My first impression is that the quantities are huge. Take the bone meal. I've some Bower's on the shelf and the application rate for vegetables is 140g per square metre, once a month during the growing season. For arguments sake we’ll say the growing season is eight months. You’ll need 1.12 kg per square metre per annum. What size is your vegetable garden anyway?

It would be difficult to dispute a professional soil test, however these are aimed at professional growers, i.e. farmers. It may be overkill for a hobbyist. An extra half kilogram of produce may mean the difference between profit and loss for a farmer but may not be of great concern to you.

Nettles only grow on fertile soil; if these are growing then your soil is not deficient. Yes, you will always need fertilizer to feed your vegetables, but in regular quantities to feed the soil, not large quantities to combat deficiencies.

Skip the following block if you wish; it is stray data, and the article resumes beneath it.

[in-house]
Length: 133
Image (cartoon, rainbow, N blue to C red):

Have you not being hoeing the weeds? They may just be out-competing with your vegetables and some extra hoeing may go a long way.

When it comes to fertilizers (and pH levels), it’s horses for courses. The type of vegetable you are growing will determine the fertilizer you need. For example, adding nitrogen to potatoes is not a good idea as it will promote lush leafy growth whereas you want the plant to concentrate on growing tubers.
As a rule of thumb: N-P-K (Nitrogen-Phosphorous-Potassium) Shoots-Roots-Fruits. Some veg, e.g. carrots, are better if grown without recently fertilized soil.
Differences also apply for pH. Potatoes grow better in acid soils, cabbages in alkaline soils.

To answer your questions...
PJ wrote:
My first question is where could I purchase these fertilisers because I have already tried many agricultural and gardening centres without success.

All of those fertilizers are widely available in garden centres and on the internet.
For example, if you google "sulphate of potash"...
https://www.google.ie/#q=%22sulphate+of+potash%22&safe=off

PJ wrote:
Second question is, are there cheaper alternatives to the above as they seem to be very expensive, the bone meal in particular. I live in the northwest.


Farmyard manure, seaweed, nettle tea. In fact, tea made from any of those weeds with the long roots, e.g. dock.